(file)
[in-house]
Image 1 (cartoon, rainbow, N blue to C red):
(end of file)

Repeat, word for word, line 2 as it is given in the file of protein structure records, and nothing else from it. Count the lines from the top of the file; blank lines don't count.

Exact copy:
Image 1 (cartoon, rainbow, N blue to C red):